That said, light could be identified as a stream of photons. The more photons you have, the brighter the perceived light. Reflection occurs when photons bounce off a surface. Refraction occurs when photons — which travel in a straight line — pass through a transparent substance and the line is redirected, or “bent.” Destroyed photons can be perceived as “absorbed.”
Ray tracing in games attempts to emulate the way light works in the real world. It traces the path of simulated light by tracking millions of virtual photons. The brighter the light, the more virtual photons the GPU must calculate, and the more surfaces it will reflect, refract, and scatter off and from.
Like any movie or TV show, scenes in CGI animation are typically “shot” using different angles. For each frame, you can move a camera to capture the action, zoom in, zoom out, or pan an entire area. And like animation, you must manipulate everything on a frame-by-frame basis to emulate movement. Piece all the footage together and you have a flowing story.
In games, you control a single camera that’s always in motion and always changing the viewpoint, especially in fast-paced games. In both CGI and ray-traced games, the GPU not only must calculate how light reflects and refracts in any given scene, but it also must calculate how it’s captured by the lens — your viewpoint. For games, that’s an enormous amount of computational work for a single PC or console.
Unfortunately, we still don’t have consumer-level PCs that can truly render ray-traced graphics at high frame rates. Instead, we now have hardware that can cheat effectively.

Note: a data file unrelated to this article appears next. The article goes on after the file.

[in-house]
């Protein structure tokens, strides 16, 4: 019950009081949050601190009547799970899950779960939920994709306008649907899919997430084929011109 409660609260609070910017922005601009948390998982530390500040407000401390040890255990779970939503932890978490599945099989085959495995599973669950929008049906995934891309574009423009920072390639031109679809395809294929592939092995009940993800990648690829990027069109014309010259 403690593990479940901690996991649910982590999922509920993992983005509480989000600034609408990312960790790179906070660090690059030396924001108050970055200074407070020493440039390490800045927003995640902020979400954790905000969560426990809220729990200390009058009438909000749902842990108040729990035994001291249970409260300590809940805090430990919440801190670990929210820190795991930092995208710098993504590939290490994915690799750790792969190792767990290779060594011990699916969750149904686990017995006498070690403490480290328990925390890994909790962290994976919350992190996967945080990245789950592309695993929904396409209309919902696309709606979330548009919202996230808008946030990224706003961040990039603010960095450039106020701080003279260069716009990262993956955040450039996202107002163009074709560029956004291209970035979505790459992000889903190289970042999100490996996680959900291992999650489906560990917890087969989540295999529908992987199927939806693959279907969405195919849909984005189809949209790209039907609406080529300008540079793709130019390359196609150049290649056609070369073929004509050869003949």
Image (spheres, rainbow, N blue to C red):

It is not humanely possible to render each and every one of the billions of photons that are spread across the surface, rather than that we use a simple yet clever method to ease the processing. Rather than try to map out every single ray of light, the solution is to trace only a select number of the most important rays, then use machine learning algorithms to fill in the gaps and smooth everything out. It’s a process called “denoising.”
Rather than shooting hundreds or thousands of rays per pixels, we’ll actually shoot a few or maybe a few dozen. So we use different classes of denoisers to assemble the final image.
Ray tracing’s fundamental similarity to real life makes it an extremely realistic 3D rendering technique, even making blocky games like Minecraft look near photo-realistic in the right conditions. There’s just one problem: It’s extremely hard to simulate. Recreating the way light works in the real world is complicated and resource-intensive, requiring masses of computing power.
That’s why existing ray-tracing options in games, like Nvidia’s RTX-driven ray tracing, aren’t true to life. They’re not true ray tracing, whereby every point of light is simulated. Instead, the GPU “cheats” by using several smart approximations to deliver something close to the same visual effect, but without being quite as taxing on the hardware. This will likely change in future GPU generations, but for now, this is a step in the right direction.
Most ray tracing games now use a combination of traditional lighting techniques, typically called rasterization, and ray tracing on specific surfaces such as reflective puddles and metalwork. Battlefield V is a great example of that. You see the reflection of troops in water, the reflection of terrain on aeroplanes, and the reflection of explosions across a car’s paint. It’s possible to show reflections in modern 3D engines, but not at the level of detail shown in games like Battlefield V where ray tracing is enabled.
Ray tracing can also be leveraged for shadows to make them more dynamic and realistic looking. You’ll see that used to great effect in Shadow of the Tomb Raider.
Thus, we see that ray tracing is becoming a must have in today’s world, especially because a vast majority of the population are gaming fanatics. Ray tracing is a technology that every gamer is looking forward to. It has the potential to change the overall look and feel of gaming. Hopefully, in the near future, we will find every game ray tracing enabled!